Dad picked up my gift first, but looked at it a bit puzzled. The package was larger than our agreed-upon jar of macadamia nuts. He tore off the wrapping paper, and what he found inside seemed to disappoint him horribly.
“What?” I said, smiling.
“That’s too much, it’s too much.”
I smiled. It was four jars of macadamia nuts. In the store, one jar had seemed paltry and ungrateful. This man had put me through college without requiring that I get a part-time job, as my friends’ parents had required. He’d coached my Little League team during a year when I was a star. At age 4, he’d taught me how to run as fast as the wind. I figured I’d set him up with macadamias for a couple months.
Later that day, we had a moment alone while the women in the kitchen were cooking.
“Dad, I want to tell you about a dream I had,” I said.
“It was about you.”
I recounted the dream, but as I reached the end, my voice was cracking and there were tears in my eyes.
“You were…you were threatening to cut off your own thumbs,” I said.
It was the thumbs that had really gotten to me. You see, I had discovered a new way of being in the world. I wanted to tell him that you didn’t have to hide your emotions and kill your own desires, that in this day and age, you could spend money, you could wear colored shirts, you could tell your child that you loved him, you could give him advice, because he would listen. I was telling him that he didn’t have to hurt himself all the time.
But while there were tears in my eyes, my father was having a whole different experience of the conversation: He was laughing. In fact, he thought it was ludicrous.
“I was going to cut off my thumbs?!” he said with a grin.
“David, I’m not going to cut off my own thumbs.”
“No, that’s not what I mean, I know you wouldn’t….”
“…I mean, why would I cut off my own thumbs?”
“I know that, it’s just that….”
But try as I might, I couldn’t quite explain it. In the end, I had that sense of hopelessness you sometimes get when you try to enlighten a parent.
I changed your diapers, the parent always seems to say with just a slight grin. I knew you when you didn’t even know how to go potty, so don’t try to tell me anything.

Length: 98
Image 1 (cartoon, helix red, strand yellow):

Later that year, though, he did cut off his thumbs, in a manner of speaking. He was in a dark mood all that autumn because of office politics. Apparently, Dad’s supervisor had accused him being an alcoholic, which was absolutely ludicrous if you knew my Dad at all. Perhaps what that supervisor had seen were the effects of a lifetime of smoking. Or perhaps he was just trying to put his boot on my Dad’s neck, as power players sometimes do. One day, Dad sauntered up to me with that ever-present cigarette between his fingers.
“Don’t be surprised if someday, I just disappear,” he said.
“What do you mean?”
There was a quiet anger in his voice.
He took a drag on his cig.
“Because I’m sick of it all.”
“What would you do?”
“I’d just become a hobo riding the rails.”
It sounded to me like someone hurting himself because others had hurt him. I looked at him with as much love as I could muster.
“Dad, I would really miss you.”
It wasn’t long afterwards that I saw my father sitting on the stairs at home with his shirt off. It was so alarming that I remember it as if it were yesterday. My father had become frighteningly skinny. The mesomorphic father who had always been my hero was so thin that I knew he was sick.
“Dad, you’re too skinny,” I said. “There’s gotta be something wrong with you. You’ve gotta see a doctor.”
He wouldn’t listen to me that time, either.
Thumbs, lungs, cigarettes, hobos, death, it’s all mixed in together now. He never went to the doctor. And three years later, he was dead.
Now that I’m older, I realize that it didn’t have to happen that way. He could have stopped smoking. He could have reached out to us. He could have accepted our love. It could have been easier for him. The problem was, the person who was telling him to change was his own son. And who listens to his own son?